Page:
© 2011 Apple Inc. All rights reserved. Apple, the Apple logo, Mac, Mac OS and Macintosh are trademarks of Apple. Other company and product names may be trademarks of their respective owners.
If there’s one message that comes through loud and clear about the BlackBerry PlayBook – both in our review and in others – it’s that RIM’s first tablet is half-baked in its current state. The 7-inch slate is dependent on a phone for half of its key apps, glitchy in more places than it should be, and has left reviewers warning would-be early-adopters that it might even be too early for them to consider, well, adopting. Welcome to the firmware nightmare, where every device is a work-in-progress and nobody is ever quite satisfied.
The PlayBook is just the latest in a growing number of devices pushed to market before they’re fully cooked, with manufacturers selling us on the promise of what their shiny hardware will do however many months down the line, after they’ve had a chance to similarly buff the software. Motorola’s XOOM is another good example, with a non-functioning memory card slot and missing Flash support at launch, but we’re increasingly seeing it in phones and other devices too.
Once upon a time, we’d buy a phone, live with it – and its stock feature-set – for the length of whatever agreement we’d signed up to, and then upgrade to The Next Big Thing. Now, there’s an expectation that our devices will evolve in features, functionality and stability over time: become better tomorrow than the gadget it is today.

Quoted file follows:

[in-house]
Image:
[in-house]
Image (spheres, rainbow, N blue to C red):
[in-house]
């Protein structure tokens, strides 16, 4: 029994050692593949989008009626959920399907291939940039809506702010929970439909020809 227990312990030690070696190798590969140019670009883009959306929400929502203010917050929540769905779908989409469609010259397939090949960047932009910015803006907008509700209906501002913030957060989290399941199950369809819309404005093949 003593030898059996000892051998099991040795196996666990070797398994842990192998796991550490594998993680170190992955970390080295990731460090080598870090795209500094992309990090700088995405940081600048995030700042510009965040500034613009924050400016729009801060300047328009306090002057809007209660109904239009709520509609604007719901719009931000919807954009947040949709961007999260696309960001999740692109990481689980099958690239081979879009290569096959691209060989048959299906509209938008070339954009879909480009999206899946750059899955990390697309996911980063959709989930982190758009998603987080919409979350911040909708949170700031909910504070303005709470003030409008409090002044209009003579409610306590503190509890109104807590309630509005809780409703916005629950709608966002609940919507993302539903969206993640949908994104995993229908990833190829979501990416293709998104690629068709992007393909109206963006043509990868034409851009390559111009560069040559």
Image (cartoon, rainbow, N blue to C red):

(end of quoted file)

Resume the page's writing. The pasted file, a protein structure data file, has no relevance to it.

That accelerated software cycle has, however, given manufacturers a green card to release before things are entirely ready. Consumers are treated as beta testers, hooked in with hardware and the promise of what that hardware is capable of, with the firmware to actually make all that a reality delivered somewhere down the ownership line. As our own Vincent Nguyen said, buying RIM’s latest is very similar to buying on credit: “Buy our PlayBook now, and we promise to deliver later.”
On the flip side, meanwhile, there’s a fresh sort of upgrade anxiety, a sense that the next great firmware for our phone, or our tablet, or some other gadget is just around the corner. It’s the new obsession, and it leads to all manner of paranoia when that next update isn’t quite as timely as we’d like it. Most carriers and manufacturers have told me horror stories of frenzied consumers baying frantically for the newest software release, whether that be Gingerbread on their phone or iOS on their tablet. The device you have today – the device you chose to buy in the first place – isn’t good enough any more; it’s a short, if obnoxious step to blaming OEM and network for purposefully undermining your user experience. I know of at least one PR person who, after a disgruntled and impatient smartphone owner managed to discover their direct number, called them repeatedly throughout the day accusing them of deliberately withholding their upgrade.
We’re all complicit – users chasing the holy grail of functionality, manufacturers chasing sales – but I can’t help but think that the pendulum has swung too far. When impatience, our own and that of vendors, shifts us from the occasional glitch to entirely absent apps, when we have hardware proudly mentioned on the spec sheet and yet that we can’t actually use, that’s not future-proofing but a false economy. Give me a device that serves its purpose 100-percent of its life, rather than something I’m expected to coddle until the potential catches up to the promise. In the meantime, I’m going to try to expect less from tomorrow and insist on more – even if that means more moderation – from today.